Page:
Brooks Brothers refashions its Supply Chain for Modern Retail

By guest author Jennifer Smith, Reporter from Wall Street Journal

Jennifer Smith is a reporter at The Wall Street Journal covering logistics and supply chain. She previously wrote about New York cultural institutions, law firms and corporate law. Prior to joining the WSJ in 2011, she was a reporter at Newsday, where she won awards for her coverage of breaking news, the environment and politics.

The iconic apparel brand is looking to make online fulfilment faster and more efficient by shipping orders from stores as well as warehouses

Brooks Brothers, the 200-year-old retailer known for classic suits and button-down shirts, is giving its supply chain a 21st-century overhaul.

The goal is to fulfil orders more nimbly and speed up delivery to customers by tapping into inventory at Brooks Brothers Group’s network of 260 retail locations in North America.

“We want to use all our stores as a warehouse, and also serve the major towns the same day,” said Gianluca Tanzi, chief operating officer of the company, which is headquartered in New York City. “Right now we cannot do that.”

Most online orders for Brooks Brothers’ U.S. customers now are handled through the company’s two distribution centres in Connecticut and North Carolina. Although the company aims to ship the orders out the same day, it may take five or six days for a purchase to reach the West Coast, depending on which shipping options the customer selects.

The company also replenishes its stores out of the warehouses and ships out Brooks Brothers clothing ordered through websites of retailers such as Bloomingdale’s and Macy’s Inc.

The system is predictable and efficient, but it is also increasingly out of fashion with new distribution patterns that look to match online customers with inventory wherever the items happen to be. Customers also cannot pick up online orders at Brooks Brothers stores or factory outlets.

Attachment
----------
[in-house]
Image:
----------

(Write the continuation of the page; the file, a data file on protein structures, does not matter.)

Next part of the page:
To adapt, Brooks Brothers is upgrading technology that Chief Information Officer Todd Treonze says has been “held together by duct tape and bubble gum.” The new system will shorten standard delivery times and allow stores to fulfil a broader range of orders, not just for items that are not available at the distribution centre.

The company is joining a growing field of retailers looking to have their brick-and-mortar stores do double-duty as online fulfilment centres, a response to growing competition from e-commerce marketplaces and the changes they are triggering in customer behaviour.

U.S. shoppers spent USD 127.3 billion online in the second quarter, accounting for 9.6 % of total retail sales, up from 8.8 % during the same period in 2017, according to the Commerce Department.

Under its new plan, Brooks Brothers is using software from Manhattan Associates Inc. to integrate its order management and store fulfilment applications on a single platform, so that workers in stores can access inventory in other locations, make sales through a touchscreen and retrieve orders for customers to pick up in-store.

The new software will also link up with Brooks Brothers’ own supply-chain management software to help decide where to pull items from based on customer demand and the availability of inventory across the company’s global network. .

Right now, Mr. Treonze said, “It takes the store associate on average seven to 10 minutes to fulfil an (online] order…They are literally printing the shipping documents from the cash register.” Once the new system is running, “they’ll be able to fulfil in about a minute.”

Brooks Brothers expects the system to be fully operational next year.

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